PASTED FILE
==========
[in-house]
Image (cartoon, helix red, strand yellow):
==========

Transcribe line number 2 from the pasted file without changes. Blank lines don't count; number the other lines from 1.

Image (cartoon, helix red, strand yellow):